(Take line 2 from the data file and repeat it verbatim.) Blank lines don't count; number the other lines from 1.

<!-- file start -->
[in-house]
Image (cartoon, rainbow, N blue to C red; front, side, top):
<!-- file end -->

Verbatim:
Image (cartoon, rainbow, N blue to C red; front, side, top):